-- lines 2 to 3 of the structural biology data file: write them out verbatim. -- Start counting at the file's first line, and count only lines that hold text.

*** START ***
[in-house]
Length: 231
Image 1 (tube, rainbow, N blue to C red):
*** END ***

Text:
Length: 231
Image 1 (tube, rainbow, N blue to C red):